The role of the transient rise in cytosolic free Ca2+ which occurs during neutrophil adhesion and cell spreading is unclear. In order to establish whether such a Ca2+ signal triggers neutrophil shape change, neutrophils co-loaded with fluo3 and Nitr5 (‘caged’ Ca2+) were used with rapid-time confocal laser scanning microscopy. Here we show that the photolytic generation of a Ca2+ rise in neutrophils which were adherent to an integrin-engaging surface, triggered a rapid change in cell morphology, with increases in cell diameter of approximately 175% occurring within 90 seconds of the Ca2+ signal. In non-adhered neutrophils or neutrophils on plain glass, no acceleration of the rate of spreading occurring in response to the release of ‘caged Ca2+’ could be demonstrated. It was concluded that although a rise in cytosolic free Ca2+ was not the sole trigger for neutrophil shape change, with other signals generated by integrin engagement, a rise in cytosolic free Ca2+ accelerated the rate of neutrophil spreading.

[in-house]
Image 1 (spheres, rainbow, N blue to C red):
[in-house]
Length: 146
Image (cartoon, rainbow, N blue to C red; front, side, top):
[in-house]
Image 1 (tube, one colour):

Release of ‘caged’ cytosolic Ca2+ triggers rapid spreading of human neutrophils adherent via integrin engagement
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E.J. Pettit, M.B. Hallett; Release of ‘caged’ cytosolic Ca2+ triggers rapid spreading of human neutrophils adherent via integrin engagement. J Cell Sci 1 August 1998; 111 (15): 2209–2215. doi: https://doi.org/10.1242/jcs.111.15.2209
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